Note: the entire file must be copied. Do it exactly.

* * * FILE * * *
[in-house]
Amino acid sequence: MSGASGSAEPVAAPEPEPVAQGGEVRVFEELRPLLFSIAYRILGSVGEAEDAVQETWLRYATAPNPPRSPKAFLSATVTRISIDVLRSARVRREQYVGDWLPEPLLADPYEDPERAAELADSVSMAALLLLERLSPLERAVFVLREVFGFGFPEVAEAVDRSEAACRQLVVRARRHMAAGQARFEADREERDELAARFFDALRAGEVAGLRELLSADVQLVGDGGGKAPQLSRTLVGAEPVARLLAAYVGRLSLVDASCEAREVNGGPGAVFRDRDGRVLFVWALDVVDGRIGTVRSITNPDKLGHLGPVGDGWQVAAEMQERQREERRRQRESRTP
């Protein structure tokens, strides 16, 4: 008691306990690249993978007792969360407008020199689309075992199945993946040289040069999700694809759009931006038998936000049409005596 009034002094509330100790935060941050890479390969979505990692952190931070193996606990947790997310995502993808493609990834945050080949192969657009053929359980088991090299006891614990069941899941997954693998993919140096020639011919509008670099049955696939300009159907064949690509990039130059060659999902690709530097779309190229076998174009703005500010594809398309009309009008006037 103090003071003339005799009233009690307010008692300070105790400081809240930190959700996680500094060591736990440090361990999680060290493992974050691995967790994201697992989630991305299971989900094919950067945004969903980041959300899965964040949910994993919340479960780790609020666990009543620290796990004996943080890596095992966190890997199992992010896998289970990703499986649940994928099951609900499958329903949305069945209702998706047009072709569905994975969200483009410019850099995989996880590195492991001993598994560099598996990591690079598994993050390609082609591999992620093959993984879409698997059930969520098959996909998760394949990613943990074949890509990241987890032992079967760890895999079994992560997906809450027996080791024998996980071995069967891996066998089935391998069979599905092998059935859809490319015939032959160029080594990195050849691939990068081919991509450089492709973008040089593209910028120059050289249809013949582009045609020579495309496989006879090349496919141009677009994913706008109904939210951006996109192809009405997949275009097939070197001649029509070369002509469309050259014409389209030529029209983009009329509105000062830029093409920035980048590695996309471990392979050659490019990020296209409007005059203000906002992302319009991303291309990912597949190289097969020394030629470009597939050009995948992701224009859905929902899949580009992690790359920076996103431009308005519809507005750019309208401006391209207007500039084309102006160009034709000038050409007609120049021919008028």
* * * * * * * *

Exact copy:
[in-house]
Amino acid sequence: MSGASGSAEPVAAPEPEPVAQGGEVRVFEELRPLLFSIAYRILGSVGEAEDAVQETWLRYATAPNPPRSPKAFLSATVTRISIDVLRSARVRREQYVGDWLPEPLLADPYEDPERAAELADSVSMAALLLLERLSPLERAVFVLREVFGFGFPEVAEAVDRSEAACRQLVVRARRHMAAGQARFEADREERDELAARFFDALRAGEVAGLRELLSADVQLVGDGGGKAPQLSRTLVGAEPVARLLAAYVGRLSLVDASCEAREVNGGPGAVFRDRDGRVLFVWALDVVDGRIGTVRSITNPDKLGHLGPVGDGWQVAAEMQERQREERRRQRESRTP
């Protein structure tokens, strides 16, 4: 008691306990690249993978007792969360407008020199689309075992199945993946040289040069999700694809759009931006038998936000049409005596 009034002094509330100790935060941050890479390969979505990692952190931070193996606990947790997310995502993808493609990834945050080949192969657009053929359980088991090299006891614990069941899941997954693998993919140096020639011919509008670099049955696939300009159907064949690509990039130059060659999902690709530097779309190229076998174009703005500010594809398309009309009008006037 103090003071003339005799009233009690307010008692300070105790400081809240930190959700996680500094060591736990440090361990999680060290493992974050691995967790994201697992989630991305299971989900094919950067945004969903980041959300899965964040949910994993919340479960780790609020666990009543620290796990004996943080890596095992966190890997199992992010896998289970990703499986649940994928099951609900499958329903949305069945209702998706047009072709569905994975969200483009410019850099995989996880590195492991001993598994560099598996990591690079598994993050390609082609591999992620093959993984879409698997059930969520098959996909998760394949990613943990074949890509990241987890032992079967760890895999079994992560997906809450027996080791024998996980071995069967891996066998089935391998069979599905092998059935859809490319015939032959160029080594990195050849691939990068081919991509450089492709973008040089593209910028120059050289249809013949582009045609020579495309496989006879090349496919141009677009994913706008109904939210951006996109192809009405997949275009097939070197001649029509070369002509469309050259014409389209030529029209983009009329509105000062830029093409920035980048590695996309471990392979050659490019990020296209409007005059203000906002992302319009991303291309990912597949190289097969020394030629470009597939050009995948992701224009859905929902899949580009992690790359920076996103431009308005519809507005750019309208401006391209207007500039084309102006160009034709000038050409007609120049021919008028």